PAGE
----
запись и воспроизведение музыки при помощи электричества начались в США, посему с этой страны и начнём, это примерно 1925-26 годы

2A Turntable, 701A Tonearm Bracket and  703A Drive

4A Reproducer and  1A Reproducer Arm

D-93306 Reproducer  D-93307 Arm

Western Electric, Electrical Research Products Inc.

большущая -пребольшущая компания, носящая имя изобретателя телефона Александра Белла, сильно преуспела в телефонизации, а инженеры ея подразделений - Вестерн Электрик и ERPI дали миру много всего хорошего - усилители, регуляторы громкости, громкоговорители, рупора, ну ... и первые столы - на чем-то надо было начинать  то, что потом усиливалось, регулировалось, громко-говорилось и рупорировалось ;:-).

Огромный мотор приводил во вращение как сам стол, так и лентопротяжный механизм киноустановки (у ротора мотора два выходных вала). На столе воспроизводились пластинки с музыкой и звуками к фильмам.


Вот мануал к системе синхронного воспроизведения звука (мотор крутит и стол и лентопротяг). Были и несинхронное воспроизведение - пластинку крутили от своего мотора.





Извините пож-та те, кто не читает по английски - нет времени перевести

Here is a little history gathered from the web..... "

Fidelity electronic recording and amplification – Beginning in 1922, the research branch of AT&T's Western Electric manufacturing division began working intensively on recording technology for both sound-on-disc and sound-on film.
In 1925, the company publicly introduced a greatly improved system of electronic audio, including sensitive condenser microphones and rubber-line recorders.
That May, the company licensed entrepreneur Walter J. Rich to exploit the system for commercial motion pictures; he founded Vitagraph, which Warner Bros. acquired a half interest in just one month later.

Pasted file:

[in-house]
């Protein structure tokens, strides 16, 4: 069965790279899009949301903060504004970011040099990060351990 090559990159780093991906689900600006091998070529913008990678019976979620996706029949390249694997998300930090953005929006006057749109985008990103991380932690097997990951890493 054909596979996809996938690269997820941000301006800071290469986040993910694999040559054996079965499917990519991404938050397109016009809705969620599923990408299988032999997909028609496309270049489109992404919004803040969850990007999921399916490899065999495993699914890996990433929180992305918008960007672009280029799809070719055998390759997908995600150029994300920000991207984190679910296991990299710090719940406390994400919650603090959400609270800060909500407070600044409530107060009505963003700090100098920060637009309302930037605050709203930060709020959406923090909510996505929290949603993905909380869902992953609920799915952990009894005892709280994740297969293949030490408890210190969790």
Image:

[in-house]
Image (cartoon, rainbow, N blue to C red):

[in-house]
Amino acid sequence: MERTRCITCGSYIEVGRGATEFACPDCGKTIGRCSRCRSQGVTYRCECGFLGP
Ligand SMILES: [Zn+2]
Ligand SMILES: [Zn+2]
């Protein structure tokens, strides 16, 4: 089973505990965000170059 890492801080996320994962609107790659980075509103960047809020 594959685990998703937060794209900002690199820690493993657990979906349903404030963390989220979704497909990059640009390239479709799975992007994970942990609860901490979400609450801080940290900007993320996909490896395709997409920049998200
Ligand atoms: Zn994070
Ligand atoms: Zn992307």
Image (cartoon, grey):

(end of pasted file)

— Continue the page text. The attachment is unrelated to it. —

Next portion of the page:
In April 1926, Warners signed a contract with AT&T for exclusive use of its film sound technology for the redubbed Vitaphone operation, leading to the production of Don Juan and its accompanying shorts over the following months.
During the period when Vitaphone had exclusive access to the patents, the fidelity of recordings made for Warners films was markedly superior to those made for the company's sound-on-film competitors.
Meanwhile, Bell Labs—the new name for the AT&T research operation—was working at a furious pace on sophisticated sound amplification technology that would allow recordings to be played back over loudspeakers at theater-filling volume.
The new moving-coil speaker system was installed in New York's Warners Theatre at the end of July and its patent submission, for what Western Electric called the No. 555 Receiver, was filed on August 4, just two days before the premiere of Don Juan.

Late in the year, AT&T/Western Electric created a licensing division, Electrical Research Products Inc. (ERPI), to handle rights to the company's film-related audio technology.
Vitaphone still had legal exclusivity, but having lapsed in its royalty payments, effective control of the rights was in ERPI's hands.
On December 31, 1926, Warners granted Fox-Case a sublicense for the use of the Western Electric system in exchange for a share of revenues that would go directly to ERPI.
The patents of all three concerns were cross-licensed.
Superior recording and amplification technology was now available to two Hollywood studios, pursuing two very different methods of sound reproduction.
The new year would finally see the emergence of sound cinema as a significant commercial medium."

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